Archaeology and Apprenticeship
288 pages, 6 x 9
77 halftones, 14 tables
Release Date:01 May 2016
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Archaeology and Apprenticeship

Body Knowledge, Identity, and Communities of Practice

The University of Arizona Press
Archaeologists study a wide array of material remains to propose conclusions about non-material aspects of culture. The intricacies of these findings have increased over recent decades, but only limited attention has been paid to what the archaeological record can tell us about the transfer of cultural knowledge through apprenticeship.

Apprenticeship is broadly defined as the transmission of culture through a formal or informal teacher–pupil relationship. This collection invites a wide discussion, citing case studies from all over the world and yet focuses the scholarship into a concise set of contributions. The chapters in this volume demonstrate how archaeology can benefit greatly from the understanding of the social dimensions of knowledge transfer. This book also examines apprenticeship in archaeology against a backdrop of sociological and cognitive psychology literature, to enrich the understanding of the relationship between material remains and enculturation.

Each of the authors in this collection looks specifically at how material remains can reveal several specific aspects of ancient cultures: What is the human potential for learning? How do people learn? Who is teaching? Why are they learning? What are the results of such learning? How do we recognize knowledge transfer in the archaeological record? These fundamental questions are featured in various forms in all chapters of the book. With case studies from the American Southwest, Alaska, Egypt, Ancient Greece, and Mesopotamia, this book will have broad appeal for scholars—particularly those concerned with cultural transmission and traditions of learning and education—all over the world.
Willeke Wendrich is a professor of Egyptian archaeology in the Department of Near Eastern Languages and Cultures at the University of California, Los Angeles. She is the editor of Egyptian Archaeology and the online resource UCLA Encyclopedia of Egyptology.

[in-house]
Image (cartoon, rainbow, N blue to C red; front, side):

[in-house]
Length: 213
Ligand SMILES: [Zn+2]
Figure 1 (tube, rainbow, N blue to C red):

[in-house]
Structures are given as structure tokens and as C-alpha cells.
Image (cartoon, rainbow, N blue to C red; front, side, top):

1 Archaeology and Apprenticeship: Body Knowledge, Identity, and Communities of Practice
Willeke Wendrich
2 Apprenticeship and the Confirmation of Social Boundaries
Hélène Wallaert
3 Social Contexts of Learning and Individual Motor Performance
John L. Creese
4 Knowledge Transfer: The Craftmen’s Abstraction
Harald Bentz Høgseth
5 Placing Ideas in the Land: Practical and Ritual Training among the Australian Aborigines
Simon Holdaway and Harry Allen
6 Apprentice to the Environment: Hunter-Gatherers and Landscape Learning
Marcy Rockman
7 Lithic Raw Material Availability and Palaeo-Eskimo Novice Flintknapping
S. Brooke Milne
8 Apprenticeship and Figured Ostraca from the Ancient Egyptian Village of Deir el-Medina
Kathlyn M. Cooney
9 Craft Apprenticeship in Ancient Greece: Reaching beyond the Masters
Eleni Hasaki
10 Apprenticeship and Learning from the Ancestors: The Case of Ancient Urkesh
Marilyn Kelly-Buccellati
11 Types of Learning in Apprenticeship
Heather M.-L. Miller
12 Writing Craftsmanship? Vocabularies and Notation Systems in the Transmission of Craft Knowledge
Lise Bender Jørgensen
13 R ecognizing Knowledge Transfer in the Archaeological Record
Willeke Wendrich
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